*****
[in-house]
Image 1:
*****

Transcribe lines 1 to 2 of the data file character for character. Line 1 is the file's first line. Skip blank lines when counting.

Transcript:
[in-house]
Image 1: